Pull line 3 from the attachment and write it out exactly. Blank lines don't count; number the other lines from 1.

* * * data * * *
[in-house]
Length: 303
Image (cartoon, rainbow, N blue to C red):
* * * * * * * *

Image (cartoon, rainbow, N blue to C red):